Back in October or so, I decaffienated.
For a long time, I enjoyed consistent energy levels; I woke up, I went through the day, I sat with Ethel in the evening or went out to meeting and errands. Alles klar. No huhu, cobber.
Then I got a cold, then bronchitiis, then pneumonia (although it really felt like the same old monia).
Then, after the symptoms seemed gone, I started jogging again, and doing core work.
Now, I’m still way below the level of volume and intensity of training that I was doing before I got sick, but I can’t seem to make it through most days without some 5 Hour Energy.
And I’m not completely decaffeinated any more – some days I have to have (I say “have to have” but what I really mean is “seem to have to have”) one of Ethel’s diet cokes to make it through the afternoon.
This is because I am trying to get my body back to the point that it was at the first of January. And my body doesn’t want to do that. My body wants to lay on the couch and eat Cheeze-Its and watch Buffy reruns. (It’s true. Sometimes, like today, I’ll have to take a short nap, and when I wake up, there’s a notepad by the bed, and I have a message: “Dear Jim. Please stop this silliness and get me some Cheeze-Its and we’ll hand out on the couch and watch Buffy. Sincerely, Your Body”).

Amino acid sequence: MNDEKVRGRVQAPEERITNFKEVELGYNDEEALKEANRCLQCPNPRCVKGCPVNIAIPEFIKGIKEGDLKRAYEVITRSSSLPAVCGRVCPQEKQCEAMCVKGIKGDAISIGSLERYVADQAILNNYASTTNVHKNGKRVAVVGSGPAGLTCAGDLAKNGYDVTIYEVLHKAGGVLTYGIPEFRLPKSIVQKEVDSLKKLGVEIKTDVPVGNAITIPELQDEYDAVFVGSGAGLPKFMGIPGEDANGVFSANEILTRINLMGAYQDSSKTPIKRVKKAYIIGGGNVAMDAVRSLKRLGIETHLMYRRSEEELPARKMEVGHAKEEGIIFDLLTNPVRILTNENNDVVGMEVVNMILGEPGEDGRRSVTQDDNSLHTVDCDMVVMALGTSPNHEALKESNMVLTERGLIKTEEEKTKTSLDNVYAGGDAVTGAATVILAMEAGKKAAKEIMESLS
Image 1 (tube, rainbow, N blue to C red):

This is the “Valley of Fatigue” – I once read that phrase in a marathon training book, and it sure seems descriptive. It’s what one’s body goes through while ramping up training – mileage or intensity, or both. It means that most of the rest one gets is used up by the body repairing itself, so not much of the rest goes into refreshing the mind or spirit. At least, that’s the way that it seems to me.
At the end of this process, when one climbs out of the valley of fatigue, then life is wonderful. I turn a corner and have plenty of energy and vim and vigor. (What is ‘vim’? – there it is: energy, enthusiasm. Yep). But down in the valley – valley so low – it’s often hard to remember that that is the end result.
It’s like August in Arizona – yeah, I KNOW that it’s going to cool down. No, really, it will – by early October, life’ll be great again. But, as John Cougar Mellencamp says,
“It’s a sad, sad, sad, sad and lonely feelingWhen you’re living on the in-betweens”
That’s what the Valley of Fatigue is like – living on the in-betweens. In between the rest of illness and the recovery from the climb.